Easter Bunny Visits Breakfast

by Lynne Ober

Nathan and the Easter Bunny

The Easter Bunny visited Hudson’s VFW last Saturday.  The men and women of the VFW were cooking breakfast for the community.  Proceeds of the delicious breakfast would support efforts to provide extras to our troops serving overseas.

For families and kids, it was a chance to see the Easter Bunny, hunt for Easter eggs, color and make a door hanger to take home.  Some were shy about meeting the Easter Bunny, but all of them loved finding the eggs.

“This is just a nice event for the community and we like to open our doors to our community,” said Women’s Auxiliary President Brenda Gora.

Ryan was intrigued with what was inside the Easter egg that he found.

The Easter Bunny with the VFW crew who made the breakfast possible.

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Campbell Girls Run Ends in Bittersweet Defeat

by Tom Roye

Campbell senior Michelle Desrochers tries to knock a rebound away from Conant junior Claire Wiesenauer during Monday’s NHIAA Class M championship game at Plymouth State University.

For a team that had never won a state tournament game, this year’s version of the Lady Cougars remained cool under pressure throughout their march through the Class M State Tournament.  Their ability to execute in biggest moments was paramount to their success.  Unfortunately, before the biggest game in program history, Coach Shawn Flynn’s team was almost too excited.  “We came out and played very tight.  We were almost too jacked up, too pumped up,” he said.

Conant exploded out of the gates taking a 20 - 4 advantage at the end of the first quarter.  The Cougars struggled to contain the Conant attack as the Orioles shot a scorching 9 - 11 from the floor, led by freshman Brooke Springfield who scored nine points in the opening period.  The only Campbell field goal in the quarter was a three-pointer by junior Meghan Sweeney with four minutes remaining.

In the second quarter, the Cougars came out determined and played hard-nosed defense in holding Conant scoreless over the final four minutes of the first half.  Campbell controlled play, scoring the final eight points of the half and cutting the deficit to 24 - 15 on a deep three by Jenny Evans as time expired to send the Cougars into the break with a little momentum.

The second half began with impressive defense from both teams as only one basket was scored over the first four minutes of play.  Both teams caught fire late in the quarter and exchanged scores with Conant scoring in the final 30 seconds to take a 33 - 23 lead into the final period.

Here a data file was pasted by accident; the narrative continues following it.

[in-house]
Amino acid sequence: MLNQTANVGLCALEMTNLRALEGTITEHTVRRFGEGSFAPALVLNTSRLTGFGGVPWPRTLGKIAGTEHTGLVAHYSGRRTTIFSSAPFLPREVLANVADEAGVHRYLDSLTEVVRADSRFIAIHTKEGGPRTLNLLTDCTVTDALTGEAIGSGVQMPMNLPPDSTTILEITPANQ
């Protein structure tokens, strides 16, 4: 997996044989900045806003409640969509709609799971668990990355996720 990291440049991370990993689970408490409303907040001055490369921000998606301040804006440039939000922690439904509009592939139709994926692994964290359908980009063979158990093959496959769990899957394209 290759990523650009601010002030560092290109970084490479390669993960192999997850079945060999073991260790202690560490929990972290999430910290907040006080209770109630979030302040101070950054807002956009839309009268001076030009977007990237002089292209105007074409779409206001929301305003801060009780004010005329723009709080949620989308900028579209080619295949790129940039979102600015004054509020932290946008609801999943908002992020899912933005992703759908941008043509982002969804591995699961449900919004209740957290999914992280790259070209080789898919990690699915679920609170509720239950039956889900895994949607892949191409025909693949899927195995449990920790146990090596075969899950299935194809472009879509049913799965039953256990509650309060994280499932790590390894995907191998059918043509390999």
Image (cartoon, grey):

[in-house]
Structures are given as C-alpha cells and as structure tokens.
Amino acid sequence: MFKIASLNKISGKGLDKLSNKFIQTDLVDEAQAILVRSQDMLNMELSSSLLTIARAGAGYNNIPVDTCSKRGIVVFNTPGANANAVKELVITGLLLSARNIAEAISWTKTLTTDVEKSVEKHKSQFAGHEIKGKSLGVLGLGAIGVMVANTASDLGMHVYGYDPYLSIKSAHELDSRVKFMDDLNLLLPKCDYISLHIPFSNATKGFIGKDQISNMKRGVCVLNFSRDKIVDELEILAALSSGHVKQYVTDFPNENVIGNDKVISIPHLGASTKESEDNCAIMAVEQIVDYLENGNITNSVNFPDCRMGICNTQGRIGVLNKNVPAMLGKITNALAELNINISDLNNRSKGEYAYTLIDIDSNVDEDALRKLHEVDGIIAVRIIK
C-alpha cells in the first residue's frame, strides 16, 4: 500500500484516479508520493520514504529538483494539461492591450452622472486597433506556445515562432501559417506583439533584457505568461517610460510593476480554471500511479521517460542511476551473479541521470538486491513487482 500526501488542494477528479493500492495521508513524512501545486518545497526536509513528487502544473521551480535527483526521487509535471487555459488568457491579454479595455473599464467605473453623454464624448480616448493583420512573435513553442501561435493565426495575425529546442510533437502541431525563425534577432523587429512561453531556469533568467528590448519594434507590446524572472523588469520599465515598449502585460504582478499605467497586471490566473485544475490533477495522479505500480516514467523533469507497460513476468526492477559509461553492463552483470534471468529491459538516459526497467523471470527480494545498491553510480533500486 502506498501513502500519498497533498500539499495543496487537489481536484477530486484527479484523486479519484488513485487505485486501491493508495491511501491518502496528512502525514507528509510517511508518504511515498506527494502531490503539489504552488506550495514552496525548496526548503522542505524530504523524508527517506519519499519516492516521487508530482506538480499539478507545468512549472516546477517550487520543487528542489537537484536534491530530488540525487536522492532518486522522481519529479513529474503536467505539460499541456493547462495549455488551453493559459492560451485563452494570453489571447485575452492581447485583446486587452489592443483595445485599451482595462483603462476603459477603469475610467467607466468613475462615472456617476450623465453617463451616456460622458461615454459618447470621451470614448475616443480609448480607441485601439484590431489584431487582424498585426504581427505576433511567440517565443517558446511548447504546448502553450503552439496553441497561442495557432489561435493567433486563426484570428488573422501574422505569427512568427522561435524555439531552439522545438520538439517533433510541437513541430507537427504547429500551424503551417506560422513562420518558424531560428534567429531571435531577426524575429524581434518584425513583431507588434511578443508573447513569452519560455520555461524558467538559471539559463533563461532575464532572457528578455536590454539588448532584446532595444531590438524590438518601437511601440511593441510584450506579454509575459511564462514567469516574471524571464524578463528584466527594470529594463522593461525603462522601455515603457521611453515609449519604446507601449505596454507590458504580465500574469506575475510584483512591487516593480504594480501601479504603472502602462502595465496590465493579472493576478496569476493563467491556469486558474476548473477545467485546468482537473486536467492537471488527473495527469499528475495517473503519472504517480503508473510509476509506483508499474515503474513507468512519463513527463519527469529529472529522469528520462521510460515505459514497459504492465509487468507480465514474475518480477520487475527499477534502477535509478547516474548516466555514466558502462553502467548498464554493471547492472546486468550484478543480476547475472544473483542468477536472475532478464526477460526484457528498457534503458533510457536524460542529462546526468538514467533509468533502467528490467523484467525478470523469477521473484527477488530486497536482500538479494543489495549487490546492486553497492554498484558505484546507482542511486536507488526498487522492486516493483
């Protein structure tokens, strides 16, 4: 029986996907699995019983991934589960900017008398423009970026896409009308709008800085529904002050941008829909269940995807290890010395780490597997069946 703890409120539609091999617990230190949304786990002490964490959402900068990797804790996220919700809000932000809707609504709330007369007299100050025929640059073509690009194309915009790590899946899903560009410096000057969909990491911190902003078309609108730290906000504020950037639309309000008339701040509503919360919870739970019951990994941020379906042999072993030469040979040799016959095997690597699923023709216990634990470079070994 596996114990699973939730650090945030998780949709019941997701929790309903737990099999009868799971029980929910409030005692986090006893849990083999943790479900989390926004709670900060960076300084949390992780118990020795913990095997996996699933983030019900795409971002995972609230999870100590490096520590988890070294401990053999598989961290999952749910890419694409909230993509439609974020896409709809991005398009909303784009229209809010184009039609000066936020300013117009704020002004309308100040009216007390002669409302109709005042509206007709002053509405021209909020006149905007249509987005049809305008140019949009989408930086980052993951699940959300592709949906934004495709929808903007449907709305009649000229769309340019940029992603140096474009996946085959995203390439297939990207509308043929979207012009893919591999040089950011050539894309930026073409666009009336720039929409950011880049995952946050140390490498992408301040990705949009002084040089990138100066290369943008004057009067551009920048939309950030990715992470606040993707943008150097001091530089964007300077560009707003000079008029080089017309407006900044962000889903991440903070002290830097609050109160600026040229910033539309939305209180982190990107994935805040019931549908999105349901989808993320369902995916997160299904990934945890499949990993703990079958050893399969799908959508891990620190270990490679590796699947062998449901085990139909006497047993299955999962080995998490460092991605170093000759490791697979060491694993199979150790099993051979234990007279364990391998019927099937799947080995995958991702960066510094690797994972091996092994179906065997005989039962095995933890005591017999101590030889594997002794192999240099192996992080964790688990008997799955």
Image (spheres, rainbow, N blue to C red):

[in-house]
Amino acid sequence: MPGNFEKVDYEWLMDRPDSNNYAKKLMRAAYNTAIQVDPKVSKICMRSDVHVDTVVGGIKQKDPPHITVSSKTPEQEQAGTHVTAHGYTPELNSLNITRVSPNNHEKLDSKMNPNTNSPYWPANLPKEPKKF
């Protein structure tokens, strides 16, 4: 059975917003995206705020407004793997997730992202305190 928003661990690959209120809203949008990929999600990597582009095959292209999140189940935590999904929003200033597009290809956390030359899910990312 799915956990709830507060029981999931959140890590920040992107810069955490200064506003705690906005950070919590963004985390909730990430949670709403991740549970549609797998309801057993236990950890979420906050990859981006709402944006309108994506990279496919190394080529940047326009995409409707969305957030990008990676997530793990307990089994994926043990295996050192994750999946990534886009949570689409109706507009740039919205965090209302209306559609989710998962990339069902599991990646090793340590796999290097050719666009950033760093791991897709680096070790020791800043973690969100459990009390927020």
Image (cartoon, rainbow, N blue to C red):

Both teams continued to trade blows throughout the beginning of the fourth quarter.  Conant managed to extend their lead to 41 - 29 with 3:30 left in the contest.  Campbell made their run with just under three minutes remaining as they managed to cut Conant’s lead to five on several occasions, but that was as close as the Cougars would get, eventually falling 46 - 40.  Jenny Evans led the Campbell offense scoring 10 points and dishing out six assists.  Also contributing were seniors Lindsay Delude (eight points) and Michelle Desrochers (five points), junior Meghan Sweeney (nine points), and freshman Kristen Hrubowchak (eight points).

Despite the disappointing finish, Coach Flynn was proud of his team and all of their accomplishments.  “This was a huge season for not only the program but the community, too,” he said, adding “I’m appreciative of how the Litchfield community embraced and supported us throughout our season.”

The Cougars return several key players next season but it will be difficult to overcome the loss of their seniors. “We had excellent senior leadership this year, and because of that we had great team chemistry,” Flynn remarked, adding, “Kristen Lang, Lindsay Delude, and Michelle Desrochers have been around the program since coming to Cougar Basketball Camp in sixth grade.  Ariana Liakos, Danielle Driscoll, and Julia Mercier were great teammates and made us better by working hard every day.”  Losing six seniors is never easy for a program, but Campbell has pieces in place and a seemingly bright future ahead.

Campbell head basketball coach Shawn Flynn, along with seniors Lindsay Delude, Kristen Lang, and Michelle Desrochers pose with Campbell’s runner-up plaque at the conclusion of Monday’s NHIAA Class M championship game against Conant at Plymouth State University.

Campbell junior Jennifer Evans presses past Conant senior Maria DiTommaso on her way to the bucket in Monday’s NHIAA Class M championship game at Plymouth State University.

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Those Confusing Zoning Warrant Articles

by Lynne Ober

Every year the Hudson March ballot has zoning articles that make little to no sense to the average voter and this year is no different.  Do you stand in the voting booth and scratch your head?  Do you leave those warrant articles blank because you don’t know enough to vote?  Welcome to the club.